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One-Party Rule


The results of the Kremlin’s efforts to reshape Russia’s party-parliamentary system have been controversial. On the one hand, a powerful centrist coalition has been formed designed to dominate the parliament for a long time and to prevent the left-wing forces from stalling reform or coming to power. Putin has achieved support in parliament that Yeltsin could never even dream about. His strong leadership and the backing of the Duma could create a very real opportunity for genuine reform in Russia. 


United Russia

Post-Soviet Dumas 

First Duma (1993-95)
Dominated by authoritarian parties: Communists, the Agrarian Party, and Zhirinovsky’s LDPR
Second Duma (1995-99)
Communists controlled almost half of all the seats
Third Duma (1999-2003)
Unity and FatherlandAll Russia together with two smaller pro-Kremlin parliamentary factions were able to garner simple majority, required to rubberstamp the Kremlin’s legislative initiatives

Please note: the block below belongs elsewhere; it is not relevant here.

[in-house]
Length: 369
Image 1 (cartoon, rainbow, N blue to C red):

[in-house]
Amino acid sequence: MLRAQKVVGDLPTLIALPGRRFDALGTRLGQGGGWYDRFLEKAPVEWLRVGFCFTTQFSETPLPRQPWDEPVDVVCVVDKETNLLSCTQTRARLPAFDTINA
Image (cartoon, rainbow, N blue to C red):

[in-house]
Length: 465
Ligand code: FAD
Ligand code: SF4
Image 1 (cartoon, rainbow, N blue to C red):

Fourth Duma (2003-07)
The “presidential party,” United Russia, controls 68 percent of all seats

On the other hand, the recent election cycle appears to show that after a decade of weakly institutionalized multiparty politics, Russia could be heading “backwards” again toward one-party rule. Minor parties might continue to exist, but one party – the “party of power” – looks set to dominate all electoral processes of consequence.

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